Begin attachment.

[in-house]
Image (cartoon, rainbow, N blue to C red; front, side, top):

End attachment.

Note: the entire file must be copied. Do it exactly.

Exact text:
[in-house]
Image (cartoon, rainbow, N blue to C red; front, side, top):